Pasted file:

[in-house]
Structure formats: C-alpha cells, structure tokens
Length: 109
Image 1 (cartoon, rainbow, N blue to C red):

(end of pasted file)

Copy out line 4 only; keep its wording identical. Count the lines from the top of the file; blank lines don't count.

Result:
Image 1 (cartoon, rainbow, N blue to C red):